In Memory of My Older Friend from Middle Township


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One of my friends, Rita (name changed) from Middle Township had a degree in music and dance. She died recently at her home. Rita was old and sick. She tried to make her life known. She told me that she would love to go out for lunch or dinner and to travel the world, especially Italy. She told me that she would sing songs, have a boyfriend, date. She would like to visit her old school in Pennsylvania. Her death was sad, especially for me. I felt particularly heartbroken. I cried when she died. I remember when I first started coming to see her, I was serious at her childish ways. She was undoubtedly an expert in making jokes and enjoyed talking.
One day, Rita told me, "You are nice." I answered her, "The moon is beautiful to look at, but in fact it is so far that we cannot touch it. When there are clouds or rain, it disappears in no time. What I think is that your liking of me should be like the moon that stares at the earth.” I said this as I neared the window to shut it. When she responded, her voice contained both pain and contentment. "Kamala, I am alone, very alone." I could say nothing. There was no need to express that I wished her happiness.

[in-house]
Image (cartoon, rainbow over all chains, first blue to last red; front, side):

Rita had Alzheimer’s disease and was in a wheelchair. Have you ever sat in a wheelchair? When you get older, you may have to use one. She had a bad cold. "Please get some hot water for a bed bath; I feel it is a burden to ask for, but I have to accept it," she said, sounding worried. At that time, I gave her a bed bath. I wanted to see her happy and beautiful. I did my best, giving my love and companionship.
Many times, I saw her close her door and cry. When I saw her crying, I would turn on the TV and put on an entertainment program for her. Work is like worship. It provides pleasure to me. How can we prove ourselves as wonderful women without overcoming difficulties? I am fighting continuously for a bright future and to establish the ideals and values of life. This is the reason why I come here to work with people. Even though I only work as a volunteer every day it moves me to see all the wonderful old people. When my friend Rita died, I felt pain at her departure. I shouldn't say so, because her ultimate aim was not to inflict pain on me, but I still felt it as I looked out the window.
I remember our first meeting and how she said to me, "It won't be the worst thing to see me." She looked thin and unhealthy, but smart. She was so talkative; she could lecture for hours. Her character attracted me from our very first meeting. I spent many days taking care of her as a volunteer. I knew if she was sick or if she had a cold, but I kissed and hugged her anyway.
One day, I will also be an older lady, like her. I get emotional thinking about how, when I get older, I won’t be able to write poems, articles or stories. I won’t be healthy, I won’t be happy. All of my friends who love me will be older like me or will be dead by then.
I want to tell everyone how beautiful older people are. Never hate them, provide them with lots of love, lots of companionship, and you will be always blessed with happiness. Always remember, one day you may also be old, alone, sick and in a wheelchair.
Source:Cape May County Herald.